A 27-year-old Marine Corps veteran from Arlington, Virginia, accused of participating in the Jan. 6 Capitol riot later formed a militia group that pretended to be a Bible study, The Washington Post reports.
Fi Duong is charged with illegally entering the Capitol, obstructing the vote count, and disorderly conduct. He appeared in court on Friday, and while prosecutors asked for stricter terms, U.S. Magistrate Judge G. Michael Harvey released him to home confinement, pending trial. At the time of his arrest, Duong had several guns in his possession and materials to make 50 molotov cocktails, court records show.
Details of the case against Duong were made public on Tuesday. Federal prosecutors say that Duong met an undercover federal agent during the Jan. 6 Capitol riot, and described himself as an "operator," explaining that he was wearing all black so people would think he was an anti-fascist protester. Duong allegedly entered the Capitol, delivered a letter to lawmakers, and shouted "We're coming for you Nancy," referring to House Speaker Nancy Pelosi (D-Calif.), prosecutors said.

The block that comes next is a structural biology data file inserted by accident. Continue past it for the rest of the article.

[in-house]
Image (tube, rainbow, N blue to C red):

The undercover agent kept in touch with Duong, and after Duong talked about freeing arrested rioters from prison, the pair went to a jail in Lorton, Virginia, where Duong talked about testing explosives, prosecutors allege. A Bible study that Duong formed was actually a cover for a militia group, and during meetings people talked about firearms and training, court documents say. Duong allegedly told the undercover agent he was working on a manifesto so if "I get into a gun fight with the feds and I don't make it, I want to be able to transfer as much wisdom to my son as possible."
Duong was building a supply of explosives, federal prosecutors said, and he told the undercover agent he wanted to use molotov cocktails to disable armored vehicles. He delayed his plans to try the explosives, and that is one reason why Harvey released him to home confinement. The undercover agent gave Duong "every opportunity to step over the line, and at every point he chose not to," the judge said. "Someone who showed so much concern for what the legal lines are should be given the opportunity to show he can continue to stay within the lines." An attorney for Duong declined to comment to the Post.